Once upon a time in London there was a middle-aged businessman. One morning as he was walking through Westminster, just near Big Ben, he stopped to hear the clock chime eight, but after looking down from consulting the famed clock-face against his Rolex, he was confronted by a hideous figure. It was Death. There in front of him with a look of grotesque surprise on his face was the Grim Reaper. Before our businessman could run out of ear-shot, the Grim Reaper stuttered out the phrase: “Tonight I have a meeting with you!” The businessman ran toward Westminster Cathedral, and opening the door, started to the front altar. There on his knees he prayed, so fervently, that a priest recognizing a distressed parishioner, walked up to him. “Do you mind if I ask whether I can help?” queried the priest. With a look of fear, the businessman glanced up at the priest, and then began to tell the priest what he had seen. “There is only one thing for it”, the priest said, “You must get as far away from this place before evening arrives”. The priest took the businessman into the sacristy and then through to a parking lot, where he informed his fear-stricken companion that he would drive him to Heathrow and help to put him on a plane to a destination far from London. Arriving at Heathrow, the businessman purchased a ticket to Moscow. With every kilometre that the plane sped from England, the businessman’s tension slowly dissipated. He watched a movie, listened to some music – and read through a Moscow By Night Guidebook. After waving the businessman off – and wishing him well, the priest had driven back to Westminster. Walking out on to the streets, the cleric searched for the Grim Reaper. Fifteen minutes, half an hour passed – no sign, and then, he saw him, the dark, wretched figure – scythe lying on the ground – the Reaper cursing and cussing, seated at the base of a tree in St. James’ Park. The priest took a deep breath and walked straight up to the Reaper, adamant that he was going to give Death a piece of his mind. “Listen my good man – what business do you have going around the streets of London shocking my parishioners?” “Shocking your parishioners?” replied Death, with a disgruntled look on his face. “I’m the one who was shocked. How do you think I felt? Here I am scheduled to be in Moscow tonight to have a meeting with that friend of yours – and I find him here in London!”
The French philosopher and essayist, Michel de Montaigne (1533 – 1592) in his Essays, deliberated at some length on the subject “Of judging of the death of others”. Montaigne wrote that the process of dying is “without doubt the most noteworthy action of human life”. (Montaigne, 1943, p. 334, trans. D.M. Frame). The manner by which a person meets their death, reveals a great deal about the purpose to which they have lived their life, and we all like to read of people dying bravely; not only for their sakes – but for providing us hope of imitation. Moreover we see time and again, in the deaths of so many martyrs and saints, a peaceful resignation to the meeting of God. The death of Montaigne is worthy of mention, for dying of quinsy, and with all his faculties intact other than the use of his tongue, Montaigne wrote a note to his wife requesting his neighbours to come so as to bid them farewell. While the liturgy was being celebrated in his room; and surrounded by friends and the Eucharistic – Montaigne, fulfilled his spoken desire to die calmly and ‘as a man’. He wanted to be as good as the words he had written to instruct others.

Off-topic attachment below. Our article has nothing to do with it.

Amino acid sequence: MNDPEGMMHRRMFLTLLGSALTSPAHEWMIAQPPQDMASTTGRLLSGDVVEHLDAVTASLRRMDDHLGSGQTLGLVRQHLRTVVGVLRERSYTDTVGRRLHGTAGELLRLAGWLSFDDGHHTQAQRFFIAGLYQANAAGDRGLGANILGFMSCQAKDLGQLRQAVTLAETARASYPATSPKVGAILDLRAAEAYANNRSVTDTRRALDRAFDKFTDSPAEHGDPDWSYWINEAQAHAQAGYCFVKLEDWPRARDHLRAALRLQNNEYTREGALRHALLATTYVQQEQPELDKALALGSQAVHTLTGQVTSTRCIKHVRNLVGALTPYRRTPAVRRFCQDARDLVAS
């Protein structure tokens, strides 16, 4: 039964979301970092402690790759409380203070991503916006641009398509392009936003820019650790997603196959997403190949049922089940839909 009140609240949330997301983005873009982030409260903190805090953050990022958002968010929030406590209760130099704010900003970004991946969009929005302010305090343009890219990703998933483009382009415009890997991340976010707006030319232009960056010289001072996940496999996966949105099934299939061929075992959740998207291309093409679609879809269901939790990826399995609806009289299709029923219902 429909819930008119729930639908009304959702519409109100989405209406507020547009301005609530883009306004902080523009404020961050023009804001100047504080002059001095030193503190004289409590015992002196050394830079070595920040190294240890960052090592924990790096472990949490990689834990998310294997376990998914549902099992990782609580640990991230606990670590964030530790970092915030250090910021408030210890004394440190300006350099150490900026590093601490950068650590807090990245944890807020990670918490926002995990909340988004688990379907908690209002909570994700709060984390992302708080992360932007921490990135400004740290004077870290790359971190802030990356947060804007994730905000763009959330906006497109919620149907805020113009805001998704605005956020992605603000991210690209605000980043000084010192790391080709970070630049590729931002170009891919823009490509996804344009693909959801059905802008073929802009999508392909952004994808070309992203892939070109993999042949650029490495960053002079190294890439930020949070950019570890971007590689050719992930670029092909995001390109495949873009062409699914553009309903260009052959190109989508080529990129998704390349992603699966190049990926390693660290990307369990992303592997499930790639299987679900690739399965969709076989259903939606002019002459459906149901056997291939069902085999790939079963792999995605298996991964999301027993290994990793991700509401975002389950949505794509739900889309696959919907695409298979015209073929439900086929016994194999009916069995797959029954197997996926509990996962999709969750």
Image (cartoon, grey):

The manner by which a person meets their death, reveals a great deal about the purpose to which they have lived their life, and we all like to read of people dying bravely; not only for their sakes – but for providing us hope of imitation.
Death is a reality that can make one feel claustrophobic. Locked within a room known as mortality; the only way out of this condition is through the facing of the inevitable. One can become so anxious about death – that the process of day-to-day living becomes an entombment in a sarcophagus of fear. Such a mode of existence is clearly not living. In the 1984 motion picture Amadeus we have this scenario portrayed for us; Mozart writing a Requiem that is simultaneously killing him in the process, as he believes that this task is a premonition of his death. Anxiety builds-up in Mozart, swept along by a wave of self-fulfilling prophecy, and eventually Mozart’s frail health eventually succumbs to insurmountable fear. Death will eventually come to a person whether they are fearing it or not; and as such, it is better to spend one’s life, in good conscience and free from anxiety, than in a labyrinth of existential questioning – most of which, cannot be answered in this world. Too much a pre-occupation on death will eventually mean that the journey of life has been lived the less for concentrating on the end-goal, and having spent no time enjoying the scenes in which life’s journey has taken you.
Too much a pre-occupation on death will eventually mean that the journey of life has been lived the less for concentrating on the end-goal, and having spent no time enjoying the scenes in which life’s journey has taken you.